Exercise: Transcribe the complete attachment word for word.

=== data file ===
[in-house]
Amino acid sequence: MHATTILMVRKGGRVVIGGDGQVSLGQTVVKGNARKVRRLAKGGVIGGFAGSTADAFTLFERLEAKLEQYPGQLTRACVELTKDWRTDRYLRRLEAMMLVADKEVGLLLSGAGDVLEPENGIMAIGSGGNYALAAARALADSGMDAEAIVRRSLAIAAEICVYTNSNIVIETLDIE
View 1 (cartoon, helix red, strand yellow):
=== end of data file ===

[in-house]
Amino acid sequence: MHATTILMVRKGGRVVIGGDGQVSLGQTVVKGNARKVRRLAKGGVIGGFAGSTADAFTLFERLEAKLEQYPGQLTRACVELTKDWRTDRYLRRLEAMMLVADKEVGLLLSGAGDVLEPENGIMAIGSGGNYALAAARALADSGMDAEAIVRRSLAIAAEICVYTNSNIVIETLDIE
View 1 (cartoon, helix red, strand yellow):